bilgramiIn which a Bwogger gets in way over his head.

It is relatively intuitive that the goal of any college student is to attain some sort of meaning from the classes they take, so I thought that Philosophy Professor Akeel Bilgrami’s graduate seminar on the topic would be enlightening.  I sidled into a Philosophy Hall penthouse this morning with twenty students, all sitting around an enormous oblong wooden table that seemed like it belonged in Bilgrami’s Oxford alma mater.

The first few minutes of the class seemed relatively safe, going over administrative business and a brief introduction to the work of the main philosopher being studied, John McDowell.  While I knew that my limited Core knowledge of philosophy would be insufficient for any real analysis of Frege’s Puzzle or practical reason, Bilgrami’s presentation of the concepts seemed dangerously simple and instinctive.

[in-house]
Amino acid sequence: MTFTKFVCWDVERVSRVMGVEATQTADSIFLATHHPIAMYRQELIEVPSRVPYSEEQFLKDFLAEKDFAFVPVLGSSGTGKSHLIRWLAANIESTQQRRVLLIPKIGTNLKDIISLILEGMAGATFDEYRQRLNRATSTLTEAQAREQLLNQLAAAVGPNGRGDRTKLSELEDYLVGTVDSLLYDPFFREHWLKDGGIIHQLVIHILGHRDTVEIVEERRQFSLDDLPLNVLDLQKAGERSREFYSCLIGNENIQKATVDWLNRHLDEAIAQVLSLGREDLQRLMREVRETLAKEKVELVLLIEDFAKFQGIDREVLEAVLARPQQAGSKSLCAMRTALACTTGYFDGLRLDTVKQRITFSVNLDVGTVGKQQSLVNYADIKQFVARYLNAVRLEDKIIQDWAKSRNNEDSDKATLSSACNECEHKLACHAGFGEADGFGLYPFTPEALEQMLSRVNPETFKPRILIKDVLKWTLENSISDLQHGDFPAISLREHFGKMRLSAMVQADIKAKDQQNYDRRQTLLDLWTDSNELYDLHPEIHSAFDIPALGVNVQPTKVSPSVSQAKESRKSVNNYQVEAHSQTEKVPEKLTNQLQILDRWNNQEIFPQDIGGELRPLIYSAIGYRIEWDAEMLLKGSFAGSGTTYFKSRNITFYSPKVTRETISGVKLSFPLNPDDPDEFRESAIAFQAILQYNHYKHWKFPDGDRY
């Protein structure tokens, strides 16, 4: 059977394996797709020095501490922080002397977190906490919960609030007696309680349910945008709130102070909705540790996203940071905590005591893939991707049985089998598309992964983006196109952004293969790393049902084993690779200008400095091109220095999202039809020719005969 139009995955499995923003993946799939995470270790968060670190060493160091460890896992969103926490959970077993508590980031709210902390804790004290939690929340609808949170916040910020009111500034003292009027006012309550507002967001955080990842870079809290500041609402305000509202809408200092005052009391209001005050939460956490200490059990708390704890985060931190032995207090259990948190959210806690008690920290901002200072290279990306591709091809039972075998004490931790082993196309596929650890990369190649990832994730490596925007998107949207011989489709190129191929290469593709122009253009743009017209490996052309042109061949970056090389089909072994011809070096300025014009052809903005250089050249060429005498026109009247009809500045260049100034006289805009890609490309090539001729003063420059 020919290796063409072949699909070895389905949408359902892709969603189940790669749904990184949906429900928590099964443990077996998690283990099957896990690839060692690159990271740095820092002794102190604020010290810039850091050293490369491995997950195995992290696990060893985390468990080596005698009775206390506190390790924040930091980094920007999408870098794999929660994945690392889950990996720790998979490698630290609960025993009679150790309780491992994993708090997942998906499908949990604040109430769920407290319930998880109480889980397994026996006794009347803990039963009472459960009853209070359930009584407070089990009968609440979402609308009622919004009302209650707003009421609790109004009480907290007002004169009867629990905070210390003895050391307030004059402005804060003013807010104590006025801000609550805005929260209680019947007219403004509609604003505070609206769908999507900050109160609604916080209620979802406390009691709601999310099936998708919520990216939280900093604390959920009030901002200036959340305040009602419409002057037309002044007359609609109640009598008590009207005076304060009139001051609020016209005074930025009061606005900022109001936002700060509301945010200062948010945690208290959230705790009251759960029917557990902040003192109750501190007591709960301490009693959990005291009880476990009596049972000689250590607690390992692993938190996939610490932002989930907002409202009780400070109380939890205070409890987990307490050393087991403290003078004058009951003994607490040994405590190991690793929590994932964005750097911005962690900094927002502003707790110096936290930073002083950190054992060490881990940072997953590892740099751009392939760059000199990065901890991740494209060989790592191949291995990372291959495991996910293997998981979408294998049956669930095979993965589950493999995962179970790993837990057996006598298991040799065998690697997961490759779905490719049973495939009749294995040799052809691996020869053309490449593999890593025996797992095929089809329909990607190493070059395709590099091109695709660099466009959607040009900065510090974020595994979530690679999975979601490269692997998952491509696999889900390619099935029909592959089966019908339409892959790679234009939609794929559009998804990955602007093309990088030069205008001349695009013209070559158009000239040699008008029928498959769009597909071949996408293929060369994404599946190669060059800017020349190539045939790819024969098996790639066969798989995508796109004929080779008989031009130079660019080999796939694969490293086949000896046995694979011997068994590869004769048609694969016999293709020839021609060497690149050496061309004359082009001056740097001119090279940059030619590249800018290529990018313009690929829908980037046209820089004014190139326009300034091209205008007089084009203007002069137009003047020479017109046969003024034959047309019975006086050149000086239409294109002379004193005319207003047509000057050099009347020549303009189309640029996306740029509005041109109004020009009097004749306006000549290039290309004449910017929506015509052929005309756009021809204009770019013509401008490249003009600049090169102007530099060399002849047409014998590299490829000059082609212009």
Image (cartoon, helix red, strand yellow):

For the first 30 minutes of class he lectured on some of his own ponderings on the weakness of will (essentially when people decide they ought to do one thing and do something else in a rational mode).  What came as such a surprise was Bilgrami’s willingness to accept the ideas of his students when in certain Culpa reviews would indicate something entirely different.  At the end of class he implored the student who was to present on the topic in an upcoming class to help him on the topic, which he is wrestling in the book he is currently working on.  In what seemed to be one of the most honest moments of academic humility that I’ve seen at Columbia, there seemed to be some sort of authentic meeting between teacher and student on a plane unpretentious and entirely indicative of some sort of basic scholarly morality.  Perhaps this is indicative of a higher level of academia that I have only begun to witness or a certain pedagogical strategy, but I couldn’t help but feel dejected that I will not be able to return to the class next week.